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Is Fostering Pets Right For You?

May 16, 2022

National Foster Care Month is in May! So many of our furry patients are former fosters, or foster fails. Fostering fills a crucial gap for pets that need healing, growth, training, and/or socialization before they are adopted. You may want to consider fostering if you’re an animal lover. This can be a very enriching and rewarding experience! Of course, this isn’t going to be right for everyone. A vet talks about some things to consider before moving forward below.


You don’t actually need a large home to foster animals. However, you do need to have adequate space for your furry wards. If you have children and/or other pets, you’ll need to be able to keep your foster charges in separate areas or rooms.


Finances are something else to consider. Some shelters will provide some or all supplies and food, but not all of them have the resources for that. You may have some out-of-pocket costs for things like bedding, food, supplies, treats, toys, and veterinary care. These can add up quickly, so be sure you are ready for it.


You don’t need a formal education to be a foster pet parent. However, it’s best to have experience with animals, and a good basic understanding about their care and behavior needs. You’ll likely go through some training and onboarding. A home visit may also be required. Talk to your local shelters for more information.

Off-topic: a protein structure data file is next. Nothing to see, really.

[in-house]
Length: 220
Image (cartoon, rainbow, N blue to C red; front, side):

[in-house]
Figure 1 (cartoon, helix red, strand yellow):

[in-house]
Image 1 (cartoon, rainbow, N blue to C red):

Letting Go

It can be really rewarding to see a pet you’ve cared for go off to their forever home, but it can also be hard to bear. Understandably, many people find it difficult to say goodbye to pets they have grown fond of. These are the ‘foster fails.’ Foster fails are what happens when people get so attached to their fosters that they adopt them themselves. Since the entire point is to find that pet a loving home, this isn’t a bad thing. However, if you think this would be too hard for you, maybe try volunteering instead.

Time Constraints

There’s usually no predetermined date when a pet will be brought to the shelter for adoption or actually adopted. With young animals, this may occur when they’re old enough to stay in the shelter overnight. In other cases, it may be dependent on socialization, growth, healing, or even available space. Consider your flexibility, schedule, and upcoming plans.

As your animal clinic, we’re dedicated to offering great care. Call us today!